21                  .                  .             .           .           .  *** ACTION NAME:() 2010-10-18T17:46:39.956000                                                       
       22                  .                  .             .           .           .                                                                                                      
       23        9909.191218        9909.191258      0.000040           .   -0.000040  WAIT #18446744071472266944: nam='SQL*Net more data from dblink' ela= 40 driver id=1413697536 #bytes=
       24        9909.194368        9909.194408      0.000040           .   -0.000040  WAIT #18446744071472266944: nam='SQL*Net more data from dblink' ela= 40 driver id=1413697536 #bytes=
       25        9909.194368        9909.194408             .           .           .                                                                                                      
       26        9919.568835        9919.568859      0.000024           .    0.000024  CLOSE #18446744071463462000:c=0,e=24,dep=1,type=1,tim=9919568859                                    
       27        9919.568990        9919.569009      0.000019    0.000131    0.000019  PARSE #18446744071463460832:c=0,e=19,p=0,cr=0,cu=0,mis=0,r=0,dep=1,og=4,plh=3494626068,tim=991956900
       28        9919.569067        9919.569086      0.000019    0.000058    0.000019  EXEC #18446744071463460832:c=0,e=19,p=0,cr=0,cu=0,mis=0,r=0,dep=1,og=4,plh=3494626068,tim=9919569086
       29        9919.569122        9919.569150      0.000028    0.000036    0.000028  FETCH #18446744071463460832:c=0,e=28,p=0,cr=2,cu=0,mis=0,r=1,dep=1,og=4,plh=3494626068,tim=991956915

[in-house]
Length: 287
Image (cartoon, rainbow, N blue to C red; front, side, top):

30        9919.569188        9919.569194      0.000006    0.000038    0.000006  FETCH #18446744071463460832:c=0,e=6,p=0,cr=0,cu=0,mis=0,r=0,dep=1,og=4,plh=3494626068,tim=9919569194
       31        9919.569235        9919.569242      0.000007    0.000041    0.000007  CLOSE #18446744071463460832:c=0,e=7,dep=1,type=3,tim=9919569242                                     
       32        9919.569460        9919.569504      0.000044           .   -0.000044  WAIT #18446744071472266944: nam='control file sequential read' ela= 44 file#=0 block#=1 blocks=1 obj
       33        9919.569555        9919.569587      0.000032           .   -0.000032  WAIT #18446744071472266944: nam='control file sequential read' ela= 32 file#=1 block#=1 blocks=1 obj
       34        9919.569618        9919.569648      0.000030           .   -0.000030  WAIT #18446744071472266944: nam='control file sequential read' ela= 30 file#=2 block#=1 blocks=1 obj
       35        9919.569681        9919.569710      0.000029           .   -0.000029  WAIT #18446744071472266944: nam='control file sequential read' ela= 29 file#=0 block#=15 blocks=1 ob